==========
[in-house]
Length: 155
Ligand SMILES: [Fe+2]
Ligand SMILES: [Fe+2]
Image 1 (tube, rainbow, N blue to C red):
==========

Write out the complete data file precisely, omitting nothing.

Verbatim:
[in-house]
Length: 155
Ligand SMILES: [Fe+2]
Ligand SMILES: [Fe+2]
Image 1 (tube, rainbow, N blue to C red):